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Review by Rich Cline | MUST SEE
dir-scr Ari Aster
prd Patrik Andersson, Lars Knudsen
with Florence Pugh, Jack Reynor, Will Poulter, William Jackson Harper, Vilhelm Blomgren, Ellora Torchia, Archie Madekwe, Hampus Hallberg, Gunnel Fred, Isabelle Grill, Katarina Weidhagen, Henrik Norlen
19/US A24 2h20
As writer and director, Ari Aster shows even more confidence here than in his previous freak-out Hereditary, which is saying something. This is a smart, precisely unnerving horror set in perpetual sunshine, literally so. This offers plenty of visual detail and layered performances from an above-average cast. It's a gradually gnawing, unhinged terror that simply feels wrong on a variety of levels. And it's thoroughly entertaining.
Still in shock after an awful family death, Dani (Pugh) decides to accompany her boyfriend Christian (Reynor) on his summer trip with university pals Mark and Josh (Poulter and Harper). Their friend Pelle (Blomgren) has organised a mid-summer visit to the woodland commune in Sweden where he was raised. And this year is a special nine-day celebration, held once every 90 years. From the start, things here seem somewhat inexplicable, especially as the midnight sunshine blurs day and night together. And after they drink some sort of mystery tea, the situation quickly turns jaw-dropping.
Aster cleverly undermines the earliest instance of intense grisliness with vaguely reasonable explanations and the fact that Christian and Josh are both researching this commune for their anthropological theses. So they ask questions the audience wants to know, leading to suggestions of things that are deeply worrying. From the flowers to the runes to dancing circles, a yellow pyramid and a caged bear, everything feels ominous. And rightly so. Aster's brightly lit scene-setting makes each element vividly unsettling, and he never shies away from things that are deliberately jarring.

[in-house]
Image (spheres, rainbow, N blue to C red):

Pugh gives another sublimely textured performance, repeatedly swerving through a range emotions within extended takes. She's a compelling, engaging presence, and the fact that her relationship with Christian is strained before the trip adds intriguing layers to her scenes with Reynor, who particularly shines when he begins to grasp the ramifications of what he's witnessing. Christian and the other guys each have their own harrowing odyssey in store, and the actors make the outrageous events eerily believable. As does the superbly creepy-smiley crowd of blonde Swedes.
Even as it's providing dark chills, the film touches on deeper themes relating to traditions and deeply held belief systems. This secretive, isolated commune echoes the closed mindset of mainstream religious and political groups around the world. And the foreign interlopers bring the audience into this world with an sense of touristic curiosity that's perhaps too easy to identify with. So it doesn't matter what Aster's final message might be. He gives each of us a run for our money.
R E A D E R R E V I E W SStill waiting for your comments ... don't be shy.
© 2019 by Rich Cline, Shadows on the Wall
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